Iran nuclear: No guarantee of final deal, Khamenei says
Iran's Supreme Leader Ayatollah Ali Khamenei has cautioned against seeing a preliminary agreement on his country's nuclear programme as the "guarantee" of a final deal with world powers.
Last week Iran and world powers reached a framework agreement on the issue.
But Iran also wants sanctions lifted "on the first day" of the final deal's implementation, against US wishes.
Iranian and US officials have been trying to persuade hardliners in both countries to back the deal.
The deal stipulates Iran must slash its stockpile of enriched uranium that could be used in a nuclear weapon, and cut by more than two-thirds the number of centrifuges that could be used to make more.
In return, UN sanctions and separate measures imposed unilaterally by the US and EU will be lifted as the global nuclear watchdog, the International Atomic Energy Agency (IAEA), confirms Iranian compliance.
In a statement on his website, Mr Khamenei said "it is possible that the untrustworthy side [the six world powers who negotiated the agreement] wants to restrict our country in the details".
"I have never been optimistic about negotiating with America. While I was not optimistic, I agreed with this particular negotiation and supported the negotiators," the statement went on.
Mr Khamenei also echoed earlier comments by Iranian President Hassan Rouhani, in which he insisted that sanctions must be lifted as soon as a final deal was implemented.
"We will sign no agreement but the one that immediately abolishes all the economic sanctions on the first day of the implementation of the agreement," Mr Rouhani said on Thursday.
Analysis: Kasra Naji, BBC Persian service
Ayatollah Khamenei has decided to sit on the fence, for the time being. He says he will neither endorse or reject the agreement.
A lot of details will have to be dealt with, he says, before the preliminary agreement from last week will turn into a final agreement at the end of June - the deadline the two sides have set themselves for a comprehensive solution to Iran's nuclear problem.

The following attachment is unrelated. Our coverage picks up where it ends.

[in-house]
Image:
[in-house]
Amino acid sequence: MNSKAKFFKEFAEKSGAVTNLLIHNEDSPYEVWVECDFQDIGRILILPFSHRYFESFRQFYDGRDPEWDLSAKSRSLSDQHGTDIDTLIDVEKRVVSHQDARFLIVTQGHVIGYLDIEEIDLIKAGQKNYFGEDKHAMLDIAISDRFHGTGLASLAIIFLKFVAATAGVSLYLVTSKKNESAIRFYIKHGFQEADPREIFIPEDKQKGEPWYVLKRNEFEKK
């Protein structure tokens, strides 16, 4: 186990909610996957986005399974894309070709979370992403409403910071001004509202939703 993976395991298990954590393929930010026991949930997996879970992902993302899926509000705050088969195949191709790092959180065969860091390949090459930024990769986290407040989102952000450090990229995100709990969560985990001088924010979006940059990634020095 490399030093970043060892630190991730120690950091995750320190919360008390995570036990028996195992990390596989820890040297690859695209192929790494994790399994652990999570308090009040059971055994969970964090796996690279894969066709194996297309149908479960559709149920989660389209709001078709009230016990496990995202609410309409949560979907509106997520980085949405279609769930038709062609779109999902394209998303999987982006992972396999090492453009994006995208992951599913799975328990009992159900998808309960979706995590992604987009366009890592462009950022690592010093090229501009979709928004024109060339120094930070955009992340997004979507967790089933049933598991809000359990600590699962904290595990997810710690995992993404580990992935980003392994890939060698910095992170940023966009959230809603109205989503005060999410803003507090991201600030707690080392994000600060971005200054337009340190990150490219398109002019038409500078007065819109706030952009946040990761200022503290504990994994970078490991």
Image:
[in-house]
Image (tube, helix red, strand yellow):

But by not rejecting it, he has, in effect, consented to the premise of the agreement - that Iran would limit its nuclear activities in return for the lifting of sanctions. And that is a major step for the hardliners in Iran, including the country's leader.
Mr Rouhani's comments signal a difference in opinion with Western powers, who have said sanctions relief will be gradual and conditional on Iranian co-operation.
On Thursday, the US state department repeated this view. "Under the agreed-upon parameters, sanctions will be suspended in a phased manner upon verification that Iran has met specific commitments," spokesman Jeff Rathke told reporters.
It has published what it sees as the parameters of the agreement, one of which states: "If at any time Iran fails to fulfil its commitments, these sanctions will snap back into place."
The deal was celebrated by many in Iran but was dismissed by hardliners who say Iran surrendered too much in exchange for too little.
Similarly, some in the US Congress have been sceptical of the deal, while Israeli Prime Minister Benjamin Netanyahu has expressed fervent opposition.